Shaun Prescott’s ‘The Necessary Ugliness of Sadistik Exekution’ – Up Now on LitHub

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Yesterday, our friends over at Literary Hub—the global literary content aggregator that republishes excellent pieces and excerpts from so, so many literary magazines and publishers—posted an exclusive essay from Issue 29 of TLB, Shaun Prescott’s ‘The Necessary Ugliness of Sadistik Exekution’. It’s a piece with a quiet force – ostensibly about the antics of Australian death metal band Sadistik Exekution, it soon reveals itself to be a moving elegy for a past Sydney that has been priced out of the market:

Sydney is a city where everything must be under control. There are rules for everything and they are carefully abided by. Pubs and clubs in Sydney’s King’s Cross are no longer permitted to let people through their doors after 1:30am, and it’s impossible to buy grog after 10pm. Revelers accustomed to partying in the eastern suburbs have migrated to the inner-west, especially Newtown, to dodge these new conditions, leading to threats that the same rules will be enforced in other suburbs. (An element of NIMBYism appears to be at play.) Sydney is a city wondering where to get a drink, where it’s virtually forbidden to dance through the night. Venues like the legendary Annandale Hotel, on loud, restless Parramatta Road, are besieged—and ultimately shut down by noise complaints. There is no chaos. Even the kebab stores reportedly have curfews.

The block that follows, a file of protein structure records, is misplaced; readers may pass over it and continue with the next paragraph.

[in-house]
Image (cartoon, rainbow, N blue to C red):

Go ahead and read it, why doncha?


If you like what you’ve read, remember that ‘The Necessary Ugliness of Sadistik Exekution’ is only one tiny slice of the goodness that you can find in the hot-off-the-presses Issue 29. You can grab a copy from one of the many stockists that carry it, or you can buy it online if you live anywhere in the world that isn’t Australia. Alternatively, if you’re a smart cookie, you can subscribe and by doing so offer us the best kind of support to keep on doing what we love doing, which is making a magazine filled with just the best ~content~ we can lay our hands on.

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(Shots of Issue 29 courtesy of the lovely Alan Weedon.)